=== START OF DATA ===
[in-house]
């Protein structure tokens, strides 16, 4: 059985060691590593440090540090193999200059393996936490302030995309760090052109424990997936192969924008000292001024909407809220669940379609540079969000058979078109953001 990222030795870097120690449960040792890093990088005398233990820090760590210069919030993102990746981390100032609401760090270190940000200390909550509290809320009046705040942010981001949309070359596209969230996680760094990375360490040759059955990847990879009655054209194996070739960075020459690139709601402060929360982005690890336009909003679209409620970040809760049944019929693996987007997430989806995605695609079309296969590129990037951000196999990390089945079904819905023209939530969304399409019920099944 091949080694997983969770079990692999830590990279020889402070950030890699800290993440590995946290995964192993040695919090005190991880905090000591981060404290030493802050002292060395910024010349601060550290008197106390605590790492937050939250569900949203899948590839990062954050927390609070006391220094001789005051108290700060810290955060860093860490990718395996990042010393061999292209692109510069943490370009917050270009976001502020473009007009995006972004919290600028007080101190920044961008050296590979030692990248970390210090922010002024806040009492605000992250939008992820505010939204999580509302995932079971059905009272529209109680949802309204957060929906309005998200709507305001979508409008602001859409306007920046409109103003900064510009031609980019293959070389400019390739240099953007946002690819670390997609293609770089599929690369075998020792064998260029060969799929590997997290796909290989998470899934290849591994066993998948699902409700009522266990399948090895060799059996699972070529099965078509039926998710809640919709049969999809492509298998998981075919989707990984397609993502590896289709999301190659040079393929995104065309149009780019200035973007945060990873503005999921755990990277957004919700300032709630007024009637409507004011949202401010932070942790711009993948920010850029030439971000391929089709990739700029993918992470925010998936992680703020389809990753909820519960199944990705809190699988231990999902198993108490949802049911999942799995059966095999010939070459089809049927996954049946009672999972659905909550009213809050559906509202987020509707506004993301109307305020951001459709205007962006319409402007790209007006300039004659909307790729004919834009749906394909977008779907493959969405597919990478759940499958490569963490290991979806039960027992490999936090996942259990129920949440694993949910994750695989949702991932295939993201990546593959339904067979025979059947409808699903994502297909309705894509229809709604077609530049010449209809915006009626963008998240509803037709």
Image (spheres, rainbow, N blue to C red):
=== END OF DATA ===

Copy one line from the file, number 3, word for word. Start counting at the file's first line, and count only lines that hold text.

Image (spheres, rainbow, N blue to C red):